Properties:
KeyGroupConfig:
Items:
- !Ref CloudFrontPublicKey1
Name: !Ref 'AWS::StackName'

Managing key rotation in CloudFormation is possible but cumbersome. To add a new public key, duplicate the CloudFrontPublicKey1 resource and reference the new resource in the key group. Please don’t delete the old public key while it is in use. The expiry of your cookies (1 day in this example) defines the minimum wait duration.

Third, it’s time to implement the Lambda@Edge function that generates the signed cookies.

Andreas and Michael Wittig

Please support our work!

We have published 327 articles, 41 podcast episodes, and 15 videos. It's all free and means a lot of work in our spare time.

Thanks to Alan Leech, Alex DeBrie, e9e4e5f0faef, Goran Opacic, jhoadley, Shawn Tolidano, Thorsten Hoeger, Todd Valentine, Vince Fulco, and all anonymous supporters for your help! We also want to thank all supporters who purchased a cloudonaut t-shirt. It gives us great pleasure to send our t-shirts all over the world.

With your help, we can continue to produce independent & high-quality content focused on AWS. Please support us!

Support us

You might want to adjust the following:

  • MAX_AGE_IN_SECONDS: Expiry of the signed cookie (both the cookie and the content expires)
  • Private key (from private_key.pem)
  • The Lambda function checks if the Authorization header contains the value Bearer secret. You likely want to replace this with something different to authenticate the user, e.g., by verifying a JWT.
LambdaEdgeFunctionRole:
Type: 'AWS::IAM::Role'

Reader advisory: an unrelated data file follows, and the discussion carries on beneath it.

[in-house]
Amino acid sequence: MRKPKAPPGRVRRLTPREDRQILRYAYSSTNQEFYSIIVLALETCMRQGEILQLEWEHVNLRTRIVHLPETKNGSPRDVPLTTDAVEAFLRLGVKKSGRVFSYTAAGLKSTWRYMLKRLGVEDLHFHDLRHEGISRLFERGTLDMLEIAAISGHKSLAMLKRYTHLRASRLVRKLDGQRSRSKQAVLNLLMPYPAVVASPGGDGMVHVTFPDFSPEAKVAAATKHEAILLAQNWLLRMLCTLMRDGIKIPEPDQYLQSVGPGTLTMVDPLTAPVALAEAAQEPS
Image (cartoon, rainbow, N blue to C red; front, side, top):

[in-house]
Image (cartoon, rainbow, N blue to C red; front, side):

Properties:
AssumeRolePolicyDocument:
Version: '2012-10-17'
Statement:
- Effect: Allow
Principal:
Service:
- 'lambda.amazonaws.com'
- 'edgelambda.amazonaws.com'
Action: 'sts:AssumeRole'
LambdaEdgeFunctionPolicy:
Type: 'AWS::IAM::Policy'
Properties:
PolicyDocument:
Statement:
- Effect: Allow
Action:
- 'logs:CreateLogStream'
- 'logs:PutLogEvents'
Resource: !GetAtt 'LambdaEdgeFunctionLogGroup.Arn'
PolicyName: lambda
Roles:
- !Ref LambdaEdgeFunctionRole
LambdaEdgeFunctionEdgePolicy:
Type: 'AWS::IAM::Policy'
Properties:
PolicyDocument:
Statement:
- Effect: Allow
Action: 'logs:CreateLogGroup'
Resource: !Sub 'arn:${AWS::Partition}:logs:*:${AWS::AccountId}:log-group:/aws/lambda/us-east-1.${LambdaEdgeFunction}:log-stream:'
- Effect: Allow
Action:
- 'logs:CreateLogStream'
- 'logs:PutLogEvents'
Resource: !Sub 'arn:${AWS::Partition}:logs:*:${AWS::AccountId}:log-group:/aws/lambda/us-east-1.${LambdaEdgeFunction}:log-stream:*'
PolicyName: 'lambda-edge'
Roles:
- !Ref LambdaEdgeFunctionRole
LambdaEdgeFunction:
Type: 'AWS::Lambda::Function'
Properties: